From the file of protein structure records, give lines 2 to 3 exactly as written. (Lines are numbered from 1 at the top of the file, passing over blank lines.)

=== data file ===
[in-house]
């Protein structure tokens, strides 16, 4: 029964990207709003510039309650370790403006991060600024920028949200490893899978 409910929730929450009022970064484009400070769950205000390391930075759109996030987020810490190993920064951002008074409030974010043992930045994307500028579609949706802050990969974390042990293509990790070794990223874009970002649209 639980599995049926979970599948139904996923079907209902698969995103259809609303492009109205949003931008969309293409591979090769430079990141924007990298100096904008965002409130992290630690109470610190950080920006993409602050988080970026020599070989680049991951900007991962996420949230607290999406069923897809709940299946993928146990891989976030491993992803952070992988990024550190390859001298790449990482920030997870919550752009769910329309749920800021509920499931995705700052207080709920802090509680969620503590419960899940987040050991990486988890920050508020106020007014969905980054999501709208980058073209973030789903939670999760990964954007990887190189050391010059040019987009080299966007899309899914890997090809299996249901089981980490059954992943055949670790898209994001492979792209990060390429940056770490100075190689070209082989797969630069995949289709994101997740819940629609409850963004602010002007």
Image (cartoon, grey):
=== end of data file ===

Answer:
């Protein structure tokens, strides 16, 4: 029964990207709003510039309650370790403006991060600024920028949200490893899978 409910929730929450009022970064484009400070769950205000390391930075759109996030987020810490190993920064951002008074409030974010043992930045994307500028579609949706802050990969974390042990293509990790070794990223874009970002649209 639980599995049926979970599948139904996923079907209902698969995103259809609303492009109205949003931008969309293409591979090769430079990141924007990298100096904008965002409130992290630690109470610190950080920006993409602050988080970026020599070989680049991951900007991962996420949230607290999406069923897809709940299946993928146990891989976030491993992803952070992988990024550190390859001298790449990482920030997870919550752009769910329309749920800021509920499931995705700052207080709920802090509680969620503590419960899940987040050991990486988890920050508020106020007014969905980054999501709208980058073209973030789903939670999760990964954007990887190189050391010059040019987009080299966007899309899914890997090809299996249901089981980490059954992943055949670790898209994001492979792209990060390429940056770490100075190689070209082989797969630069995949289709994101997740819940629609409850963004602010002007």
Image (cartoon, grey):